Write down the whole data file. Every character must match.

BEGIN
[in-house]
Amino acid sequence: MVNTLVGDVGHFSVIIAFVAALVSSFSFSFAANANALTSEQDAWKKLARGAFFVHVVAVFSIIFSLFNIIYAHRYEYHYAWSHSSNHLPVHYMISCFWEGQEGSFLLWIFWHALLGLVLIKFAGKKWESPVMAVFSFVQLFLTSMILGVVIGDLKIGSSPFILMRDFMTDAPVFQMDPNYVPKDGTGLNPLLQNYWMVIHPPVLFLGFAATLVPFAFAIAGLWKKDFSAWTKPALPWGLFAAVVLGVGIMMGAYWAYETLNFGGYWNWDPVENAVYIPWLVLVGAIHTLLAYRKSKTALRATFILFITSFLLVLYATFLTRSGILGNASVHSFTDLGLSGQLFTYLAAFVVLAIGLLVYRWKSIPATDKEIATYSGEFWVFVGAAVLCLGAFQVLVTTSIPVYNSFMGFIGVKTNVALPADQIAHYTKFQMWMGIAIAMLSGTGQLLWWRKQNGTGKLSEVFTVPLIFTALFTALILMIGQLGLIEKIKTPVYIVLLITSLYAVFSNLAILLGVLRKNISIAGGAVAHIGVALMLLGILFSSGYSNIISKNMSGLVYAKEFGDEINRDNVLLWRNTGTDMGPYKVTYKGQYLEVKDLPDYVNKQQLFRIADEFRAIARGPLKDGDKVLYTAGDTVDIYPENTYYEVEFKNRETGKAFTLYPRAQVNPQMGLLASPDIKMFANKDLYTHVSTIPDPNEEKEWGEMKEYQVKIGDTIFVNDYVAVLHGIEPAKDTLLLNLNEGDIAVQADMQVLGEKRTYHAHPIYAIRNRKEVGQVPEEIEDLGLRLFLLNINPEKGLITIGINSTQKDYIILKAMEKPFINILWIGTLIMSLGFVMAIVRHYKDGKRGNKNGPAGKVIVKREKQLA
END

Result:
[in-house]
Amino acid sequence: MVNTLVGDVGHFSVIIAFVAALVSSFSFSFAANANALTSEQDAWKKLARGAFFVHVVAVFSIIFSLFNIIYAHRYEYHYAWSHSSNHLPVHYMISCFWEGQEGSFLLWIFWHALLGLVLIKFAGKKWESPVMAVFSFVQLFLTSMILGVVIGDLKIGSSPFILMRDFMTDAPVFQMDPNYVPKDGTGLNPLLQNYWMVIHPPVLFLGFAATLVPFAFAIAGLWKKDFSAWTKPALPWGLFAAVVLGVGIMMGAYWAYETLNFGGYWNWDPVENAVYIPWLVLVGAIHTLLAYRKSKTALRATFILFITSFLLVLYATFLTRSGILGNASVHSFTDLGLSGQLFTYLAAFVVLAIGLLVYRWKSIPATDKEIATYSGEFWVFVGAAVLCLGAFQVLVTTSIPVYNSFMGFIGVKTNVALPADQIAHYTKFQMWMGIAIAMLSGTGQLLWWRKQNGTGKLSEVFTVPLIFTALFTALILMIGQLGLIEKIKTPVYIVLLITSLYAVFSNLAILLGVLRKNISIAGGAVAHIGVALMLLGILFSSGYSNIISKNMSGLVYAKEFGDEINRDNVLLWRNTGTDMGPYKVTYKGQYLEVKDLPDYVNKQQLFRIADEFRAIARGPLKDGDKVLYTAGDTVDIYPENTYYEVEFKNRETGKAFTLYPRAQVNPQMGLLASPDIKMFANKDLYTHVSTIPDPNEEKEWGEMKEYQVKIGDTIFVNDYVAVLHGIEPAKDTLLLNLNEGDIAVQADMQVLGEKRTYHAHPIYAIRNRKEVGQVPEEIEDLGLRLFLLNINPEKGLITIGINSTQKDYIILKAMEKPFINILWIGTLIMSLGFVMAIVRHYKDGKRGNKNGPAGKVIVKREKQLA